The new Sri Lanka, a multi religious nation
Daily Mirror Editorial
Mar 13, 2011
Historically Sri Lanka has been the happy home of four of the world’s living religions – Buddhism, Hinduism, Christianity and Islam. All these religions have values which are significantly useful to building a nation on a solid foundation of lasting peace, justice, equality and equitable distribution of wealth and resources. However most of the leaders of our religious communities are sadly not playing a significant role in nation building.
It is a widely accepted reality that the values of all our religions mean much more than being present and participating in the rituals and devotions. It is high time that like the Archbishop of Canterbury or Archbishop Desmond Tutu of the Truth and Reconciliation Commission in South Africa, the religious leaders of our country spoke out the truth in love by urging the Sri Lankan Government to sincerely participate in nation building by giving an equal place to all and isolating or sideling the extremist and taking the hallowed middle path of understanding and accommodation.
This is also the opportune moment for the recommendations of the Lessons Learnt and Reconciliation Commission to be implemented. Sadly the defenders of the Government are justifying the delay in doing this saying there are practical problems but well informed insiders say it is more the fear of how some extremist groups within the UPFA might react.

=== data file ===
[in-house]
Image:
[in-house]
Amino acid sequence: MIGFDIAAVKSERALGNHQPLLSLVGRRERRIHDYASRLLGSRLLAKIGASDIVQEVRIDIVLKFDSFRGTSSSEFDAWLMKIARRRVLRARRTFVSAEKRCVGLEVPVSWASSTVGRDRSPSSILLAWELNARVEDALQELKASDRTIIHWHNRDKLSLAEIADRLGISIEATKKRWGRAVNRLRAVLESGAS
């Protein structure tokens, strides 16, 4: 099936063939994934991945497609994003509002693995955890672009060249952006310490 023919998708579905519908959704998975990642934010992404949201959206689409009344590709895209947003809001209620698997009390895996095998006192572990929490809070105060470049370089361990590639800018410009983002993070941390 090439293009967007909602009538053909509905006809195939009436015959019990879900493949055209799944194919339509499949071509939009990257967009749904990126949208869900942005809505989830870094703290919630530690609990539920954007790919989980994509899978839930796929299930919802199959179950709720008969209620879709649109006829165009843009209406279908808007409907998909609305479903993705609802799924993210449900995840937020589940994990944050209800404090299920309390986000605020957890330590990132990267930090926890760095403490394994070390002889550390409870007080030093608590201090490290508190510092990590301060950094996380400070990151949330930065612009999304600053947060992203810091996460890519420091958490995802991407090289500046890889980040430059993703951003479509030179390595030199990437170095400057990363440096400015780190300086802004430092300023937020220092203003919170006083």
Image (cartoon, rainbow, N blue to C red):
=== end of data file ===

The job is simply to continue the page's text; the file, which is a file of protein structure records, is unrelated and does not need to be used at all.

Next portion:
President Mahinda Rajapaksa still enjoying unprecedented popularity in Sri Lanka despite the huge increase in the cost of living and rampant corruption must now courageously act like a statesman and take decisions for the common good of generations to come rather than personal gain or glory at the next election.
Among other measures we need to sing the national anthem in Sinhala and Tamil at important occasions, have a Tamil officer in every police station and encourage children to study all three languages. If our religious leaders can persuade the Government to act on these and other measures, the minorities in Sri Lanka and the world community will realise that the Government is genuine about nation building.
The other area where our religious leaders must get involved with the Government is the current debate on development versus devolution. There is a strong school of thought that for development to be real power sharing is important and development must be from Point Pedro to Dondra Head and not centred on Hambantota.
Our religious leaders must get involved not in party politics but in politics -- the affairs of our people. Party politics is largely bankrupt and religious leaders must not get involved in promoting the personal agendas of any particular party though it might bring some temporary benefit to them.
In this area the leaders of our religions must make the people to be concerned about the affairs of our nation and participate in genuine nation building. Therefore Sri Lanka’s religious communities have a significant role to play to make Sri Lanka what it should be. As for the public, they need to be made aware by the religious leaders that while practising their own religions they must have sincere respect for the religious beliefs of others.
Source: Daily Mirror - Sri Lanka